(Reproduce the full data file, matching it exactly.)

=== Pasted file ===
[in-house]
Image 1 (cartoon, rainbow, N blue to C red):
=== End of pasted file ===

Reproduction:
[in-house]
Image 1 (cartoon, rainbow, N blue to C red):